Any reader who has heard about the Cuban Revolution and its impact will no doubt anticipate that this is not an easy read --- violence lurks on every page, and Older crafts a sense of unease that permeates even the lightest moments. But what makes THE BOOK OF LOST SAINTS even more interesting is its third person narrator, a spirit who can see and know all, except for her own history. This perspective can be difficult to adjust to at first, especially during Marisol’s more vulgar moments --- watching her nephew make love, for instance. Older never holds back from any detail, no matter how uncomfortable, and this can be jarring, but he is sharp and perceptive with his gaze. Never once does he give us an unwieldy or uninteresting detail --- and, perhaps even more impressively, never once does he stray from the expansive and explosive timeline of Cuba’s past, present and future.

The trauma Older writes of through Marisol and her descendants is one that lingers for decades, long past the point when others stop asking if one is okay. And what better way to illustrate a pain you feel but cannot remember the source of than through the eyes of a ghost struggling to move on? These strings of unrest and distrust tie Older’s characters together as easily as they bind them to the past, creating a web of intricate lies, hurts and betrayals.

I’d be remiss not to mention Older’s dialogue at least once in this review. He effortlessly switches between Spanish and English, peppering in numerous colorful Cubanismos that are so full of meaning that anyone can understand them, regardless of how many languages you speak. In including this dose of culture, he also points out the differences in dialects and native tongues, creating a vivid and passionate tone that makes his dialogue an absolute joy to read.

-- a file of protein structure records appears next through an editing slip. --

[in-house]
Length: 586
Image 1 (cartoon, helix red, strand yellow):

Equal parts violent, pensive and magic, THE BOOK OF LOST SAINTS is a masterwork of culture, history and trauma. Depicting both pre- and post-revolutionary Cuba, as well as the perspectives of numerous Cuban emigrants, this book is a poetic and evocative rumination on the endurance of a people forced to reckon with the unforgivable. Brash and haunting, Marisol is a character you won’t soon forget, and, with any luck, Older is an author who won’t stop raising the voices of characters like her. He is a force to be reckoned with, and if this spellbinding book is any indication of his future endeavors, readers can expect to see him at the top of numerous “Best Of” and awards lists for many years to come.

Reviewed by Rebecca Munro on November 8, 2019

The Book of Lost Saints
by Daniel José Older

  • Publication Date: November 5, 2019
  • Genres: Fiction
  • Hardcover: 336 pages
  • Publisher: Imprint
  • ISBN-10: 1250185815
  • ISBN-13: 9781250185815